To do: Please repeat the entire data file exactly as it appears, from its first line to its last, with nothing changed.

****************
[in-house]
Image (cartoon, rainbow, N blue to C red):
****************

[in-house]
Image (cartoon, rainbow, N blue to C red):